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Fishing the Weather Conditions

By Meagan Russell
In Fishing with Kenny
Sep 7th, 2022
0 Comments
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article by Kenny Covington

Over the years I have fished in about every weather condition you can imagine. I have fished in tornado warnings, with hurricanes approaching, sleet, freezing rain, high winds, brutally cold and hot temperatures. You name the weather, I can honestly tell you I have fished in it and even better, I have caught fish. 

One of the hardest things in bass fishing is to develop a positive mental attitude, and not just develop it but keep one as well.  Throughout my years on the water, I have always enjoyed tournaments where the weather was going to play a factor because I felt like these were some of the easiest events to win. I knew going in that half of the anglers did not want to be there, half of the remaining half already had their excuse ready for when they did not catch anything.  That always left me feeling like I only had to beat a handful of people.  It usually played out just like that. 

When fishing weather conditions always remember, no matter how good the weather may be or how bad it might get, the fish are biting somewhere. They may not bite long, you may not catch a lot, you may only get a handful of bites, but someone will catch something.  It has been my experience they always do. 

I have won tournaments three times weighing in only one fish.  The interesting thing about those events is not only did I win but I also won the big bass pot as well. All three events were in January with extremely chilly weather, low water temperatures, off colored water, and cloudy skies. I also caught each fish on a ½ black/blue jig with a large trailer.  The first tournament I won like that led me to winning the second as well as the third.  Same exact conditions, same body of water. 

Okay, now that we have established what I am talking about in this month’s article, let us look at some different scenarios that you may encounter over the next few months. First, weather conditions play an important part of the puzzle, but time of year is a critical element as well. A cold front in the springtime compared to a cold front in the fall or winter are as different as night and day.  A cloudy, rainy day in the summer is a bit different than a day like that in the wintertime. Always consider the time of year as well as the weather patterns.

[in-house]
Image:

A common misconception about rainy summertime weather is it makes bass in shallow water bite a topwater lure. In some instances, such as in a lake with water clarity over three feet like Caney or Claiborne, this is true, but I have found on stained bodies of water such as D’arbonne or the Ouachita River, the bigger fish tend to move tighter to cover, making them harder to catch.  In these stained water scenarios, I have had much better luck catching fish on lures such as a big worm or a spinnerbait than I have a moving topwater. 

One of my favorite weather conditions to fish in is snow and/or sleet.  For whatever the reason, a meteorologist told me it is due to these types of low-pressure weather systems, the fish bite very well when it snows, especially in clearer water bodies of water.  I have had excellent days twitching a rogue in the early springtime with snowflakes the size of silver dollars hitting the water.  I have had a lot of success waking a spinnerbait above and around grass beds in the late fall and early winter with the lids of my live wells frozen shut due to the ice buildup. The fish in these weather conditions, if your water temperatures are about 45 degrees, seem to really prefer moving lures such as spinnerbaits and crankbaits. 

One of the most dreaded fishing situations is when you have high winds. The old saying “the wind is your friend” is accurate, unless the wind situation makes fishing unmanageable. In a tournament I fished earlier this year and I credit my winning strictly because of the amount of wind and a favorable wind direction in the area I was fishing. Wind creates current and bass will position themselves to take advantage any food the current brings to them. 

Current due to heavy rains or winter run off can create fish catching situations not normally found in most lakes. Areas where the lake bottle necks down can create a natural current flow moving the fish to areas where current breaks are.  Cypress trees, docks, logs, old roadbeds, or anything else that fish can position themselves in and around, are potentially good areas. 

One interesting thing to remember when fishing current, due to the aggressive nature of the fish, they will usually hit moving lures such as a crankbait or rat l trap regardless of the time of year or water temperature.  In a situation where the current is moving around shallow water areas, I have had good success pitching and casting a lighter jig, letting the current move it across my targeted area as I swim the jig off the bottom. It is a terrific way to catch quality fish. 

On a closing note, when it comes to weather conditions, if a body of water is unsafe due to wind and/or other weather, unless it is a tournament situation, I will not attempt to fish it.  I can only remember twice when a scheduled tournament cancelled due to inclement weather.  However, I have taken shelter away from dangerous storms and lightning more times than I care to count while I was already on the water.  No fish is worth losing your life over! 

Well, it looks like we have run out of space and time for another month. I hope we were able to share some information that will make your next trip on the water more enjoyable, no matter what the weather might be doing!  Take care and remember to catch one for me.  See you next month!